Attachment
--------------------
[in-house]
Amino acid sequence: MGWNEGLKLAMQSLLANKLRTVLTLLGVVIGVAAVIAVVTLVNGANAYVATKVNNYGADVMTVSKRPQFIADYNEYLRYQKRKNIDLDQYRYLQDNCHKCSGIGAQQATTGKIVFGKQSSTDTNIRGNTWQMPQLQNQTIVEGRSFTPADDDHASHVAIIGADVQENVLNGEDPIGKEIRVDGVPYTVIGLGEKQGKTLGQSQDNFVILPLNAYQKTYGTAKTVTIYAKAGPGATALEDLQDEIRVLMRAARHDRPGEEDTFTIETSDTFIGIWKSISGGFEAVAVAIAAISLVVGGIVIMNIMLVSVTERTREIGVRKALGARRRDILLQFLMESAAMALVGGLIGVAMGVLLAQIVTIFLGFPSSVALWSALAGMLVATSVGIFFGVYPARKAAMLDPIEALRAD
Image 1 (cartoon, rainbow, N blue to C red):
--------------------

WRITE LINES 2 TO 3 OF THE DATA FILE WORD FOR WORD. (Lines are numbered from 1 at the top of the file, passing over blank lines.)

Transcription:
Amino acid sequence: MGWNEGLKLAMQSLLANKLRTVLTLLGVVIGVAAVIAVVTLVNGANAYVATKVNNYGADVMTVSKRPQFIADYNEYLRYQKRKNIDLDQYRYLQDNCHKCSGIGAQQATTGKIVFGKQSSTDTNIRGNTWQMPQLQNQTIVEGRSFTPADDDHASHVAIIGADVQENVLNGEDPIGKEIRVDGVPYTVIGLGEKQGKTLGQSQDNFVILPLNAYQKTYGTAKTVTIYAKAGPGATALEDLQDEIRVLMRAARHDRPGEEDTFTIETSDTFIGIWKSISGGFEAVAVAIAAISLVVGGIVIMNIMLVSVTERTREIGVRKALGARRRDILLQFLMESAAMALVGGLIGVAMGVLLAQIVTIFLGFPSSVALWSALAGMLVATSVGIFFGVYPARKAAMLDPIEALRAD
Image 1 (cartoon, rainbow, N blue to C red):